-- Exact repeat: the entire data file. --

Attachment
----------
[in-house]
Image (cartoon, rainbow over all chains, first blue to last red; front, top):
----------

[in-house]
Image (cartoon, rainbow over all chains, first blue to last red; front, top):